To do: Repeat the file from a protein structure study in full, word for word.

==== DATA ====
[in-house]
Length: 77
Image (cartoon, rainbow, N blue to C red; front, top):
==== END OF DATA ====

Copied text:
[in-house]
Length: 77
Image (cartoon, rainbow, N blue to C red; front, top):